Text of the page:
Siblings learn from one another all day every day. My husband and I find ourselves saying, “Don’t teach your brother that!” or “Where did you learn THAT?” Most of the time the answer is from another sibling. These are also precious times of learning because it’s building memories and experiences they can look back on (and tell funny stories about)!

Home Life in General

So much learning takes place in the home without much effort. Most of the time this is overlooked by trying to create a structure that most of us are familiar with from our own childhoods packed with childcare from an outside source combined with public schooling.

Truth is, the home-front can be one of life’s biggest lessons. Children are constantly learning every day lessons through simple tasks such as:

  • how to clean
  • how to cook
  • personal hygiene
  • functional skills

These experiences should never overlooked, but embraced and enhanced upon. I used to deter my children from the kitchen when I cooked because let’s be honest, I just wanted to get it done and everyone fed. Now, I see the learning that takes place when we are gathered around the table and they are watching me cut vegetables, mix ingredients, and come out with a good meal.

They feel even better and more accomplished when they can participate – again, more learning!

Nature

This is what some homeschool methods are getting back to. Children living in, loving, and learning from the very nature around them. There are so many lessons to be learned from nature. It’s funny how attracted children are to it as well.

My 5 year-old daughter will refer to “sun up, sun down” when talking about the passing of a day. Using nature at its finest. Not to mention the activities that can be done in nature:

  • nature walks
  • picnics in the park
  • leaf, rock, and stick collection
  • camping

There are many resources that can be used to foster learning in the early years. The idea is to keep it natural, keep it fun, and let your children’s interests shine!

CHIME IN: What are your favorite go-to resources for learning in the early years? Let me know in the comments below!

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Home Education

4 Important Skills Every Preschooler Should Know Before Kindergarten

Oh the preschool years… Those sweet little humans drive you crazy with their constant testing of their independence. But on the other hand, they still need you for some things and still love to cuddle up in your lap for a good story.

This is the time when many parents, and even educators, start to worry if their child is learning what needs to be learned. They start throwing around the words ahead or behind. Which if you ask me are arbitrary assessments.

I am a huge believer in child led learning. Each child has their own unique learning timeline, so they are never ahead or behind since every child learns a skill at a different time.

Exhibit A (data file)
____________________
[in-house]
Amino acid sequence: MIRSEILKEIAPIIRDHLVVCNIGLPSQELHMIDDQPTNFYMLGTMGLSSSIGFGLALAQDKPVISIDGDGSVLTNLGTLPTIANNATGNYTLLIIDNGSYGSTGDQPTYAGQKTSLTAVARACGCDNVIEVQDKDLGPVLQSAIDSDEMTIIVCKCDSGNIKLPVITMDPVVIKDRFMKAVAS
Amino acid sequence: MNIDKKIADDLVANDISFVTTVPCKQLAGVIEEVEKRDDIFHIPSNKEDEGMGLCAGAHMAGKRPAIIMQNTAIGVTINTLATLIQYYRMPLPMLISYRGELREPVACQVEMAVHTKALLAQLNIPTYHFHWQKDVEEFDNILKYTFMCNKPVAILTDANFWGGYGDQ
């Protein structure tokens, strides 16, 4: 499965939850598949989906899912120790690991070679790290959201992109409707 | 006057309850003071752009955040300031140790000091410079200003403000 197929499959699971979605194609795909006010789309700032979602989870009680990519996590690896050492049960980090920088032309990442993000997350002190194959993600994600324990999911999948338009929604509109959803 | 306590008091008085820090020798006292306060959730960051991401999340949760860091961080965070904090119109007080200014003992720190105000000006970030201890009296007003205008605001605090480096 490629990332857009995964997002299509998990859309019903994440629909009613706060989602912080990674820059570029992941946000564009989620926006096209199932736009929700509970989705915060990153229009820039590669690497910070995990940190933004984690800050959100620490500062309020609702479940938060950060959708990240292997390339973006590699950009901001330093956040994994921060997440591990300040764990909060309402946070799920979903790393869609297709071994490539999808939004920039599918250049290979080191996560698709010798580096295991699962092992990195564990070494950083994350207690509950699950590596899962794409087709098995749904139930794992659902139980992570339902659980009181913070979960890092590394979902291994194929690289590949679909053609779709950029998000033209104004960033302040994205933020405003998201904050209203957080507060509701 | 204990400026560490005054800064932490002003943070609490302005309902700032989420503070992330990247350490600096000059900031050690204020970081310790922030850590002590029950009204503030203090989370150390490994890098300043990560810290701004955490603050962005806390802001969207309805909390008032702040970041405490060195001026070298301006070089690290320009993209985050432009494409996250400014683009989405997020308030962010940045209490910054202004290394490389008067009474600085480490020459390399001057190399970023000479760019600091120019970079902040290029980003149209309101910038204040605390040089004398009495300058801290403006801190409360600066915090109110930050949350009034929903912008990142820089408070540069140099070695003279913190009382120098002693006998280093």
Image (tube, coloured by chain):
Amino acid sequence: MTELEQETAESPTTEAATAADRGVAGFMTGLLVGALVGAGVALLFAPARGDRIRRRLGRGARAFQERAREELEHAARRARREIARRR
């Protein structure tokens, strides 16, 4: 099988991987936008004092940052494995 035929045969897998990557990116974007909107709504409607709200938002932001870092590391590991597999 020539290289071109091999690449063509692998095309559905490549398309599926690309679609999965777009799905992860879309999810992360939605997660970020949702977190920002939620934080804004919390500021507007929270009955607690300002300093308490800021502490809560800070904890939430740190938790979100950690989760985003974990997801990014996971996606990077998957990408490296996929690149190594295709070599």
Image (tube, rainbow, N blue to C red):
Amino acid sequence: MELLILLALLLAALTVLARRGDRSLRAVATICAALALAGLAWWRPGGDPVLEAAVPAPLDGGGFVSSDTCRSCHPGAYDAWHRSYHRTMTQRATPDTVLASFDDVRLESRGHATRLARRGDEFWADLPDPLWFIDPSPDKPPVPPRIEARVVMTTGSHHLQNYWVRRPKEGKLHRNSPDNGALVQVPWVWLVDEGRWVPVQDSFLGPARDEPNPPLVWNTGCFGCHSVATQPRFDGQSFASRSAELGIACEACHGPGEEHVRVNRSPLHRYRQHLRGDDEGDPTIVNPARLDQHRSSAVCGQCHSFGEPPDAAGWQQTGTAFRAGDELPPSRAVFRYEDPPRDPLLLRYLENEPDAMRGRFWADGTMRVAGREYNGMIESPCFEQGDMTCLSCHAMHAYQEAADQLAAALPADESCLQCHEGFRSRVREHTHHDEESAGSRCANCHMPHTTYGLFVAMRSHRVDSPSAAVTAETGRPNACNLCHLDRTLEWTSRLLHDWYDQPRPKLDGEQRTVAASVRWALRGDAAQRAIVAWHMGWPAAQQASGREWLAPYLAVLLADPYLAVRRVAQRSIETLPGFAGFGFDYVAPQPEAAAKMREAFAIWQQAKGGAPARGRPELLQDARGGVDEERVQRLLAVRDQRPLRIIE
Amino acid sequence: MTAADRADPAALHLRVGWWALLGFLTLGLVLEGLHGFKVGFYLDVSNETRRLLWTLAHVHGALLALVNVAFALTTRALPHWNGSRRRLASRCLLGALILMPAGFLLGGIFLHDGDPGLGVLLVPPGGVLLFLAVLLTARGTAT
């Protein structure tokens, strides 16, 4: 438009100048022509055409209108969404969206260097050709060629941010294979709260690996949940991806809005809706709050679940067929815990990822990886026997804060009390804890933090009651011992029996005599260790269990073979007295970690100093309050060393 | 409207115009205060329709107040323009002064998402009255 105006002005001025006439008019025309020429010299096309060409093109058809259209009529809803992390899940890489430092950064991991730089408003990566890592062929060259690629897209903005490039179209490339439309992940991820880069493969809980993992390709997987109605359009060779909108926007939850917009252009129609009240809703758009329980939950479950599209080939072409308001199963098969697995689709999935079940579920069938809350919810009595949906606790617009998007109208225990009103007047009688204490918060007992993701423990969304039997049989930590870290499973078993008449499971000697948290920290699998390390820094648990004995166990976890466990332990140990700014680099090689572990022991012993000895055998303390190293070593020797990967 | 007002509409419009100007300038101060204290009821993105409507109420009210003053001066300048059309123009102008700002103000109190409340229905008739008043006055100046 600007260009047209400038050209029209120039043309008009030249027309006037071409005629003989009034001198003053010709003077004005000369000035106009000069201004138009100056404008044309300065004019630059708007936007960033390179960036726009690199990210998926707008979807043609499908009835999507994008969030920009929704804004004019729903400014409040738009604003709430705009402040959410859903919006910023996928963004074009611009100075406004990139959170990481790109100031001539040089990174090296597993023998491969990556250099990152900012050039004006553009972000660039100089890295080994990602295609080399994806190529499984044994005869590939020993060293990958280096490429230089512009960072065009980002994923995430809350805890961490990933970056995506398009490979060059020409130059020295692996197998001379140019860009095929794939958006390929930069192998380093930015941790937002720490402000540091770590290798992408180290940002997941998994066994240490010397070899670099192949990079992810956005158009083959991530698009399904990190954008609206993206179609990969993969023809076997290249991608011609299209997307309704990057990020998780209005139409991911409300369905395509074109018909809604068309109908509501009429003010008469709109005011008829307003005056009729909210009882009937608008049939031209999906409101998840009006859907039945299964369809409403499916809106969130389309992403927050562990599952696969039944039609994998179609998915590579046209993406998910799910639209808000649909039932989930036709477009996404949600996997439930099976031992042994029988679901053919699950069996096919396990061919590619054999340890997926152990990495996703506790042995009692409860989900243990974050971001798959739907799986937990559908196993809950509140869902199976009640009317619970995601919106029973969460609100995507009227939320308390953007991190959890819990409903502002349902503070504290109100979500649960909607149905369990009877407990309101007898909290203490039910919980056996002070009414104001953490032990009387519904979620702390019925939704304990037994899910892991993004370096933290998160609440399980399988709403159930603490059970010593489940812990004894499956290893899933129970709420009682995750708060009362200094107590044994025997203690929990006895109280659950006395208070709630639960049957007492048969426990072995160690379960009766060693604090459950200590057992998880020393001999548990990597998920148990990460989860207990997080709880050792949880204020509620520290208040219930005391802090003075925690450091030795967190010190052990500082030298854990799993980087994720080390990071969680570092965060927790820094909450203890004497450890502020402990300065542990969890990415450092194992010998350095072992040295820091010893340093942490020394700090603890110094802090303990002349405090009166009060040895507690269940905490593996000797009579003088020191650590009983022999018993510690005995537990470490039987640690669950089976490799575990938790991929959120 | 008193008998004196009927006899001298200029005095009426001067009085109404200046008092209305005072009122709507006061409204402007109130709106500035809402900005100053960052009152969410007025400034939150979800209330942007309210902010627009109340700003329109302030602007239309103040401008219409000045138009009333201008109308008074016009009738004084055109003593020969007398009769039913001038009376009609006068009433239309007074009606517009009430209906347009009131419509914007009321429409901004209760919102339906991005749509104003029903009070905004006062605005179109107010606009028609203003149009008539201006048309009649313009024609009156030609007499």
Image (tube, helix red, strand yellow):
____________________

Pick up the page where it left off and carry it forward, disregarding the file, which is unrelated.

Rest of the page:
What shapes their unique learning timeline is the environment and the experiences you give them. Want them to be a reader? Then read to them, have letters out on the shelf, and visit the library. Want them to be good at math? Cook with them, let them see you paying the bills, and count out loud when handing the cashier money. Want them to write? Let them help you write the grocery list and journal together. 

You see, whatever you want them to learn, you must provide it in their environment. The more of  a natural experience it is, the better. It’s easier to develop motivation to learn the skills you want them to learn if they have a real, personal reason to learn it.

There are 4 skills that I think every preschooler needs to have before they enter Kindergarten. I’m going to start with the least important and move to the most important.

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Alphabet

Yup, I’m adding the alphabet as the least important skill your preschooler needs before Kindergarten. It’s actually tied with numbers, but since most parents tend to add more emphasis on the alphabet, I decided to add it first.

I think your preschool should be exposed to the alphabet through games, puzzles, and books. The best way to learn the alphabet is through reading lots of great books.

Your preschool should know what a letter is and understand what letters are used for. But knowing the actual names and sounds of each letter? Not that important at this age.

However, if your kiddo is extremely interested in letters, then by all means teach them. But if your kiddo is fighting you or not engaging in letter activities, don’t push it.

We learn our letters through hands-on experiences. We use sound boxes and focus on the sounds rather than the letter names. I chose to focus on sounds because that’s what we use to actually read. The letter names are not important when learning to read and write. We also focus more on lowercase letters since 90% of what your child reads and writes is lowercase.

Numbers

In our homeschool, we learn numbers just like we learn letters. We play a lot of games, do puzzles, and have numbers lying on the shelf for counting objects. Again, numbers are not important in the preschool years unless your kiddo is super interested and engaged in learning them.

It’s more about exposing and developing a motivation to learn them.

Emotional Regulation

Now we’re getting into the most important skills your preschooler should know before entering Kindergarten. One of those skills is emotional regulation. Your preschooler should be able to stop themselves when angry to calm down and ask for help. They should be able to identify their own feelings and feelings of others.